The works included in the MEP exhibition give integrity and gravitas to the individuals living in such communities, but also the types of labour often denigrated in high art. Janine Niepce’s photograph, Restaurant époque 1900. Le garçon de café, 1957, reveals an overworked waiter carefully balancing trays, while Clarisse Hahn’s photograph Ombre (Shadow) 2021, shows greengrocers and shoppers loading plastic bags with vegetables in the snow. “Ernaux believes everything has the right to be chronicled, noticed, recorded or discussed,” says Stoppard. “There’s no such thing as a lesser truth.”

Stoppard found herself returning to one particular verse from Exteriors, in which Ernaux writes: “I believe that desire, frustration and social and cultural inequality are reflected in the way we examine the contents of our shopping trolley or in the words we use to order a cut of beef or to pay tribute to a painting … that the violence and shame inherent in society can be found in the contempt a customer shows for a cashier or in the vagrant begging for money who is shunned by his peers – in anything that appears to be unimportant and meaningless simply because it is familiar or ordinary.”

“Annie is very attuned to the world, and the inherent shame and even violence of modern, public spaces – the kind deriving from how people treat one another, or are subjugated more broadly by society,” explains Stoppard. A scene in Exteriors involves the author passing through the corridors of the Metro, averting her gaze in shame as a blind man at Saint-Lazare station begs for money. He is ignored by everyone including the author herself (“I walked by at a respectable distance, like those who give him nothing”). That sense of disregard is felt in the photograph by Martine Franck, Paris, 1979, in which an old, dishevelled man sits alone on the floor of the street.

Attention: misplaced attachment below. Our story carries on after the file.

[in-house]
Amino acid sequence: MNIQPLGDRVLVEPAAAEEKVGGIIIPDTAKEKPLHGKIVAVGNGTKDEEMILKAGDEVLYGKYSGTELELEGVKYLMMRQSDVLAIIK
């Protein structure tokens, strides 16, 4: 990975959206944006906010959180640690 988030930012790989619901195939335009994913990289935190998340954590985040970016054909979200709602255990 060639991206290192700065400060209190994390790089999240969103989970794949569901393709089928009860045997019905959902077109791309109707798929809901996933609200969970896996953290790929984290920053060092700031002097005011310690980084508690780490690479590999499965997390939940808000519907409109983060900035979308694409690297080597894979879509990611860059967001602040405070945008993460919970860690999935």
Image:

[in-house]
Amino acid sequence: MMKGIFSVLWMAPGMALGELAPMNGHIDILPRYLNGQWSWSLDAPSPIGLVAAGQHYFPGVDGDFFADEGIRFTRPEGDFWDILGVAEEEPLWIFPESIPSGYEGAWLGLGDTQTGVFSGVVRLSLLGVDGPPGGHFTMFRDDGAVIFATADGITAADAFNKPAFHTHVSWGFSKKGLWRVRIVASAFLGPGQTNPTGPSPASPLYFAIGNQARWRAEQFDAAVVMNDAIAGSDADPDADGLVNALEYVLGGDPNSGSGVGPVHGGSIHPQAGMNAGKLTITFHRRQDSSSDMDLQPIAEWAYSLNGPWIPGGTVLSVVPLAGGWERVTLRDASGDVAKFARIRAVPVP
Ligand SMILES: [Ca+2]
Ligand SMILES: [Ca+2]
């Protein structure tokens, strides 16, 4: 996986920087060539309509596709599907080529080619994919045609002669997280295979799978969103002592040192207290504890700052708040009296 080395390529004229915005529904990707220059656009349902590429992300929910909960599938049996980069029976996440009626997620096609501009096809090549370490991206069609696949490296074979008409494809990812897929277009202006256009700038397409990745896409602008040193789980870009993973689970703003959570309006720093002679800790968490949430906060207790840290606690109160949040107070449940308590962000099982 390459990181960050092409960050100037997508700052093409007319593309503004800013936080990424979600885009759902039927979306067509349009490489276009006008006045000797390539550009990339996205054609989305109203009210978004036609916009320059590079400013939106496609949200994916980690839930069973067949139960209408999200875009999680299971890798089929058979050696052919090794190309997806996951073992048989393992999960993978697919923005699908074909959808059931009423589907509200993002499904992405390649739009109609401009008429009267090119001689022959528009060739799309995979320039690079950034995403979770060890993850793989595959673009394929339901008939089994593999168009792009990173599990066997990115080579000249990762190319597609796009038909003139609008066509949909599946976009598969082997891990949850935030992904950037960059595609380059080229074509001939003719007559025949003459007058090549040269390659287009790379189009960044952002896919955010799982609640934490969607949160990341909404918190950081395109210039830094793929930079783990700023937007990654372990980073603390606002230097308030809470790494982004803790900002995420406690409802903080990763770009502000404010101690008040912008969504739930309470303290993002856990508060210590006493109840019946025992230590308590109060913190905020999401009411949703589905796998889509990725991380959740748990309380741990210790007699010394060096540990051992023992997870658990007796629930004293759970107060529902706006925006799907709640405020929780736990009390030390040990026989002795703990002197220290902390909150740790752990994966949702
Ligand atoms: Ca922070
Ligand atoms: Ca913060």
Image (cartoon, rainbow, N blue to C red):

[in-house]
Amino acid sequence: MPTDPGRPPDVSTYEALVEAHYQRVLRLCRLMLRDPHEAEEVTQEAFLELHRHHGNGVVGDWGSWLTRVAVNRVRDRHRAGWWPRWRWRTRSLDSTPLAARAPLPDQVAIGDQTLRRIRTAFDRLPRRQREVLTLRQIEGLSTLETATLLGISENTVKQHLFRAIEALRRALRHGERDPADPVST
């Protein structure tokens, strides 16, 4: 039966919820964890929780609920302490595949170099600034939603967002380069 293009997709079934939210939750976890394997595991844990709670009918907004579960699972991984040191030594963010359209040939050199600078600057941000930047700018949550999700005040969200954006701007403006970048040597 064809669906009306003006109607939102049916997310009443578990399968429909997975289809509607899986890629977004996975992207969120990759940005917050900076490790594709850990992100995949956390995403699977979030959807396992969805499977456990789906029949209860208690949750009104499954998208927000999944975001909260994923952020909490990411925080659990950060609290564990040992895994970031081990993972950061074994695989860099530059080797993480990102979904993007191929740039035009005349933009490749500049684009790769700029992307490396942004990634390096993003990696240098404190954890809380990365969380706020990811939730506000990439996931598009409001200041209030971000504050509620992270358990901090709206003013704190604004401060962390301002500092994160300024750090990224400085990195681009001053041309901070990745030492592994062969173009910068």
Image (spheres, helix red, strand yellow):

Exteriors – neither the book or exhibition – intends to be overly didactic or moralistic. But both quietly speak to the social divisions running along class and even gendered lines. Stoppard notes it probably wasn’t a coincidence that Ernaux wrote Exteriors when her children had left home – giving her the space to observe the world with fresh eyes – suddenly liberated and unencumbered by maternal or domestic duties. “Since having my daughter I’ve noticed that my own presence in public spaces has changed,” remarks Stoppard (who had her first child less than a year before the exhibition opened). “It changes the way you move through a city or public space. I don’t look at anyone else because I don’t have time.”

Ernaux’s Exteriors can be interpreted as a claiming of public space – as a woman, writer, mother and flâneuse – who wishes to observe unapologetically but also compassionately. Dolores Marat’s striking photograph The Woman With Gloves evokes this kind of feminine agency – the mysterious image of the woman in profile clutching her gloves as she descends an escalator resembles Ernaux herself. “So many people thought the woman in that photograph was Annie.” Stoppard says jokingly. “I can understand why. But Annie finds those observations funny – she insists she’s never worn her hair like that.”

When reading Exteriors, the physicality of Ernaux’s presence is always tangible – reading her work is like standing in the shadow of a photographer. Stoppard’s Exteriors reflects this idea, bringing together works that convey a sense of proximity through a journey, as if we are commuting alongside the author – astutely perceiving the world from her perspective. “Exteriors is really about presence,” says Stoppard. “And how the act of observance leads to one’s sense of self, but also a deeper connection to the world.”

But the exhibition also investigates the unique relationship between writing and photography. Stoppard’s show seeks to answer the questions: can one write photographically? Or can one photograph reality in a literary, poetic way?

Like the daily journey of a commuter, the exhibition ends at the place of origin. “The very last works in the show are by Johan van Der Keuken, with the final photograph simply showing train lines and tracks,” says Stoppard. “The idea was that as you leave the exhibition, you return to the exterior like Ernaux – to Cergy-Pontoise.”

Exteriors: Annie Ernaux & Photography is on show at Maison Européenne de la Photographie, Paris until 25 May 2024.